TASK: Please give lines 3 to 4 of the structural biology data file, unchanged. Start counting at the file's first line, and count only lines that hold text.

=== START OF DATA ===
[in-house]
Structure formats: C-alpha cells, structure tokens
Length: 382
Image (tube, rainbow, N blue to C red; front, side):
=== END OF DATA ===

Length: 382
Image (tube, rainbow, N blue to C red; front, side):